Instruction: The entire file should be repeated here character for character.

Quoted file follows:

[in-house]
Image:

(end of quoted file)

[in-house]
Image: